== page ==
Last call to cast your vote

    Making it count: Lisa Withington posts her local government election voting papers for the Invercargill electorate at the Invercargill City Council civic administration building on Wednesday. Photo: Petrina Wright

    WITH voting for local body elections set to close at noon on October 12, people are being urged to cast their vote.

    As of Tuesday evening, just 36% of eligible voters for Invercargill City Council had voted, and only 28% of those who could vote for Southland District Council (SDC) had done so.

    That means, of the 38,465 electors, only 13,926 had returned votes in Invercargill.

    Invercargill City Council deputy electoral officer Michael Morris said this was promising, as in previous elections, Invercargill averaged about 50% in returns by the close of voting.

    “This means the three southern territorial authorities are streaks ahead of Auckland Council, with the super city’s returns at about 17%.”

    Of the 15 people asked in Invercargill yesterday morning, four had not voted yet.

    Jess Giles (24) said her vote was easy to cast, but felt people may not be voting due to inconvenience.

    “What I think is that people have a very busy lifestyle and people have to go out of their way to vote.”

    She suggested drop-off boxes be placed in ordinary places people visit, such as supermarkets, or to switch to an online voting system.

    Businessman John Beck (48) said he believed “people don’t care”, any more.

    “In the past, if we had a raise of 5c in petrol, everybody was talking and it was all over the news. But now people are not engaged any more. They are not interested in politics.

    “If I don’t vote, I’m not allowed to moan. So I voted.”

    Barista Melanie Robertson (30) decided not to vote this year.

    She believed she didn’t know enough about the candidates and her voice would not make a difference.

    “I have the feeling my vote would not change anything.”

    Awhana Tane (20) agreed. She had not voted yet and had not decided if she would.

    “I read the candidates’ booklet but it didn’t help me much. I have the feeling if we had stronger candidates, or someone that I believed in, it would be different.”

    Her sister Annie Tane (27) voted but believed the lack of information would benefit more well-known candidates.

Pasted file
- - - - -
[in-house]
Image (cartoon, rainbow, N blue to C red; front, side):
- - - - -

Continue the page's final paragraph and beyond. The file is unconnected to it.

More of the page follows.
“I know a lot of friends that vote for a specific candidate because he was the only one that people knew the name of.”

    Programme manager Chris Montgomery (42) said he had not cast his vote yet but he “definitely’ would.

    “I still have time. Some people are like me and leave it to the last moment. But I really believe the candidates this year started to campaign late. Some of them I just heard about when the ballots were out – it is too late.”

    Sue Faleauto (52) said her vote was also easy to cast, saying she typically voted for women or Maori candidates, or anyone she felt would represent her views well.

    Sales representative Neville Knight (56) said he believed there was a “real disengagement” with the public regarding local issues, but said it was really important to vote.

    Mr Morris said Invercargill should aim to have the highest returns in the country, but they should be delivered in person and not by post in the remaining days left to vote.

    You can still drop your voting papers in to ballot boxes at the Invercargill Public Library, the Invercargill City Council civic administration building in Esk St, or the Bluff Service Centre until voting closes at noon on October 12. Voting papers can be dropped in to ballot boxes during business hours, with the civic administration building also set to open on October 12, from 9am to noon.

    For SDC, voters can take their voting papers into any SDC office or library before election day.

    On voting day, voters can only deliver their voting papers to SDC’s Invercargill, Stewart Island/Rakiura, Te Anau and Winton offices, between 9am and noon.Buy KicksPatike – Nike Air Jordan, Premium, Retro Klasici, Sneakers